As one familiar with Nikon and Canon DSLRs, shooting with the D610 felt like riding a bike — you never really forget once you learn. The controls and ergonomics were all familiar and quick to access since the D610 borrows a similar layout as the D7100. And there are enough customization and menu options to set the camera up just the way you like it. For me, I tend to set ISO higher than most to maintain a fast shutter speed since I'm usually shooting while walking (or sometimes running) after my kids or one of them is hanging on me — it's rare I'm left alone so I want to reduce any opportunity for camera shake.
So once the elevator doors opened, I adjusted settings and fired off a few frames without stopping my stride while in pursuit of my kids in the red room area of the library. No learning curve needed.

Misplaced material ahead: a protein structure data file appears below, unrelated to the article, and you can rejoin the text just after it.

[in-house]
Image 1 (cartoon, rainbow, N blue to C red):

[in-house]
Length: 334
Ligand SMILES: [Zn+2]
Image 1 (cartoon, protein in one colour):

The new shutter mechanism in the D610 bumps up the continuous frame rate from 5.5 fps to 6 fps. This isn't a huge increase and many dedicated sports photographers aren't going to use the D610 as their primary body, but in this situation it — along with the continuous tracking of the 39-point AF system — was plenty fast enough to get my son in mid-stride.
Dust and oil